US hosting 1.1 million international students

27 March, 2015


Some 1.13 million international students were enrolled on courses in the US on F-1 (academic) and M-1 (vocational) visas in February, a 14 per cent increase compared with the same period last year, according to data released by the Student and Exchange Visitor Program (SEVP).



International students in the USA on F-1 and M-1 visas, Feb 2015 compared with Oct 2014. Source - Sevis by the Numbers, Student and Exchange Visitor Program


The latest Sevis by the Numbers quarterly report issued by SEVP, part of US Immigration and Customs Enforcement (ICE), recorded 1,132,636 overseas students, which was a 1.8 per cent increase over the previous quarter. In addition to academic students, there were an additional 200,799 students on the J-1 exchange visa.

The SEVP report showed that 855,807 students – 76 per cent of all international students – were from Asia, a two per cent increase compared with the previous quarter, and seven of the top eight source countries were from the Asian continent, although it should be noted SEVP is including Saudi Arabia within this data.

China was comfortably the largest source market with 331,371 students, although growth over the previous quarter slowed to 0.4 per cent. There were notable increases over the last quarter from India (9 per cent), Vietnam (11 per cent) and Saudi Arabia (4.9 per cent).

In total there were 8,979 institutions certified by SEVP to accept international students in February. Only 30 schools had more than 5,000 international students enrolled, while 76 per cent of approved schools had between zero and 50 overseas students. The University of Southern California was the largest host campus with 12,480 students, followed by Purdue University (10,516) and Columbia University (10,436).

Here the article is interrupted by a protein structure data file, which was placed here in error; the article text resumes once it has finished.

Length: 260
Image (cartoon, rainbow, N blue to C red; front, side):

In terms of level of education: 374,162 international students were enrolled on bachelor’s programmes; 313,953 were pursuing master’s degrees, 135,969 studied at doctorate level; and 105,173 were on long-term language training. Short-term, non-student visa students are not captured within the data.

STEM (Science, Technology, Engineering and Mathematics) subjects accounted for 37 per cent of all F-1 and M-1 students, and engineering was the most popular of these with 175,540 students.

For the first time this quarter, SEVP has released an interactive mapping tool of international student data.

Meanwhile, ICE recently announced that three individuals have been indicted for allegedly operating a network of schools that fraudulently allowed international students to stay in the country without attending classes.

The schools names in the ‘pay-to-stay’ allegation were: Prodee University/Neo-America Language School; Walter Jay M.D. Institute, an Educational Centre; the American College of Forensic Studies (all in Los Angeles, CA); and Likie Fashion and Technology College in Alhambra.

Investigators have estimated that the fraud scheme took as much as US$6 million per year in tuition payments. Homeland Security Investigations (HIS) officials began investigating the network in 2011. Officials said that several foreign nationals, primarily from Korea and China, had entered the US on F-1 visas to attend other SEVP-accredited schools and then transferred to the Prodee network.

“Immigration fraud schemes potentially compromise national security and cheat foreign nationals who play by the rules,” said Acting US Attorney Stephanie Yonekura. “In this case, officials at several schools allegedly abused their responsibility to ensure that only legitimate foreign students were allowed to the stay in the country. This type of fraud against the United States will be thoroughly examined to bring those responsible to justice and to protect the integrity of our immigration system.”

ICE has published an assistance message for international students that were enrolled at the network of schools.



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